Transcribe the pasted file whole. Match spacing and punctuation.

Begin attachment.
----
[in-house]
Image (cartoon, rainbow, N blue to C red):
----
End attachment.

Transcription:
[in-house]
Image (cartoon, rainbow, N blue to C red):